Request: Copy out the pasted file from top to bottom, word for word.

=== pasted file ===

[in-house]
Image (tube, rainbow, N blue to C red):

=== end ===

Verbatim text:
[in-house]
Image (tube, rainbow, N blue to C red):